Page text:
The Night of the Hunter (novel)
Story line and development
Murderous ex-convict Harry Powell misrepresents himself as a prison chaplain upon his release from prison. Acting on a story told to him by his now-dead cellmate, "Reverend" Powell cons the cellmate's widow into marrying him in hopes that her children will tell him where their father hid the money from his last robbery. After killing their mother, Willa Harper, he embarks on a hunt for the children, who have sensed his evil and are running from him.
Grubb explores the presentation of the American South during the Great Depression. He uses tropes of the Southern Gothic genre to explore issues such as social corruption and instability. The figure of the Preacher is a symbol of the corruptive social force of religion in the American South, while the disruption of the family unit emphasises the broken sense of Southern identity after the Civil War.
- Harper Brothers, 1953.
- Dell Publishing, 1955. #D149.
- Dell Publishing, 1963. #6386.
- Penguin Books, 1977. ISBN 0-14-004426-4
- Simon & Schuster, 1988. ISBN 0-671-65278-8
- Lightyear Press, 1993. ISBN 0-89968-431-9
- Blackmask.com, 2005. ISBN 1-59654-229-2
Screen and stage adaptations
In 1955, the book was adapted by Charles Laughton and James Agee as the film The Night of the Hunter. The film version has earned ranks in numerous movie lists and was added to the National Film Registry in 1992.
Lyricist-librettist Stephen Cole and composer Claibe Richardson started working on a musical adaptation sometime in the late 1990s, releasing a concept album in 1998 through the Fynsworth Alley label. Cole wrote preliminary forms of the book and lyrics, which earned him the 2000 Kleban Award for Most Promising Librettist, while Richardson composed a score. After going through a workshop revision phase, the show was premiered at the Willow's Theatre in Concord, California, on September 24, 2004. It was directed and produced by John Bowab, and starred Brian Noonan (from the original workshop cast) as Harry Powell and Lynne Wintersteller as Willa. The show received mixed reviews, but received four awards from the Bay Area Critics Circle. The show moved on to the New York Musical Theatre Festival in 2006, the last performance being on October 1. The cast included Brian Noonan, Carly Rose Sonenclar, Dee Hoty as Willa, Beth Fowler as Rachel Cooper, and others, some of whom were in the original workshops.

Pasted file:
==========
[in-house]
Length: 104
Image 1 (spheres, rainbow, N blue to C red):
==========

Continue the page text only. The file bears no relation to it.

- West Virginia Archives and History. Harry Powers: Bluebeard of Quiet Dell. (Clarksburg Telegram, March 19, 1932)
- #2 on "Cahiers du cinema: 100 most beautiful films in the world". 2008-11-04.
- #71 on The 500 Greatest Films Of All Time - The Night of the Hunter Empire.
- "Night of the Hunter - Playbill Article". 2003-10-08.
- Hurwitt, Robert (2004-09-27). "Jerome Kern musical resurrected after 70 years". The San Francisco Chronicle.
- Heaven & Hell to Play With: The Filming of 'The Night of the Hunter' by Preston Neal Jones. New York: Limelight Editions, 2002. In this well-detailed behind-the-scenes look at the film, Jones interviewed many of the principals, including Davis Grubb, producer Paul Gregory, cinematographer Stanley Cortez, art director Hilyard Brown, and actors Robert Mitchum, Donald Beddoe (who played Walt Spoon), and Lillian Gish. He also relied upon extensive interviews with Charles Laughton conducted by others.